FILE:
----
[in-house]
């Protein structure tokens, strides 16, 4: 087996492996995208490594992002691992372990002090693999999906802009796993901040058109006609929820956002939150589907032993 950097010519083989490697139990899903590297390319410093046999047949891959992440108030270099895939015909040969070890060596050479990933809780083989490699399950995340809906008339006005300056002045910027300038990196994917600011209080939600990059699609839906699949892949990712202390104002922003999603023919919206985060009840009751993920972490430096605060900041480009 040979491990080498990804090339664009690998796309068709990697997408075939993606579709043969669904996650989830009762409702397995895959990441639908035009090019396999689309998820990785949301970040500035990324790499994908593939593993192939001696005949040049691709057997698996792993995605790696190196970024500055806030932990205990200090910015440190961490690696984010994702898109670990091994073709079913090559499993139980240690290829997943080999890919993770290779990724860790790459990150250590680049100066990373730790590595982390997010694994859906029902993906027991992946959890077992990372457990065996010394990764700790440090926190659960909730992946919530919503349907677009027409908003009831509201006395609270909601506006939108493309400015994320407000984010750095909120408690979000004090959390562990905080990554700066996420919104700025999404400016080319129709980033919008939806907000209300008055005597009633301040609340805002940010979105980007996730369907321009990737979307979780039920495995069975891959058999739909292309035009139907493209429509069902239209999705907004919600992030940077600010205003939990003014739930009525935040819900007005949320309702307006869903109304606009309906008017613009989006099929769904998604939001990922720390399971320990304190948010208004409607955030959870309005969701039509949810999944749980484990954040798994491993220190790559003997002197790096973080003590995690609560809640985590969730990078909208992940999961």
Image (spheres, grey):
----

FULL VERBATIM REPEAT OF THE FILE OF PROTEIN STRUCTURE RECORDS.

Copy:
[in-house]
């Protein structure tokens, strides 16, 4: 087996492996995208490594992002691992372990002090693999999906802009796993901040058109006609929820956002939150589907032993 950097010519083989490697139990899903590297390319410093046999047949891959992440108030270099895939015909040969070890060596050479990933809780083989490699399950995340809906008339006005300056002045910027300038990196994917600011209080939600990059699609839906699949892949990712202390104002922003999603023919919206985060009840009751993920972490430096605060900041480009 040979491990080498990804090339664009690998796309068709990697997408075939993606579709043969669904996650989830009762409702397995895959990441639908035009090019396999689309998820990785949301970040500035990324790499994908593939593993192939001696005949040049691709057997698996792993995605790696190196970024500055806030932990205990200090910015440190961490690696984010994702898109670990091994073709079913090559499993139980240690290829997943080999890919993770290779990724860790790459990150250590680049100066990373730790590595982390997010694994859906029902993906027991992946959890077992990372457990065996010394990764700790440090926190659960909730992946919530919503349907677009027409908003009831509201006395609270909601506006939108493309400015994320407000984010750095909120408690979000004090959390562990905080990554700066996420919104700025999404400016080319129709980033919008939806907000209300008055005597009633301040609340805002940010979105980007996730369907321009990737979307979780039920495995069975891959058999739909292309035009139907493209429509069902239209999705907004919600992030940077600010205003939990003014739930009525935040819900007005949320309702307006869903109304606009309906008017613009989006099929769904998604939001990922720390399971320990304190948010208004409607955030959870309005969701039509949810999944749980484990954040798994491993220190790559003997002197790096973080003590995690609560809640985590969730990078909208992940999961």
Image (spheres, grey):